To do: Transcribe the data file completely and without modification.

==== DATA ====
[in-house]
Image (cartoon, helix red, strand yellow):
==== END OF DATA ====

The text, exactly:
[in-house]
Image (cartoon, helix red, strand yellow):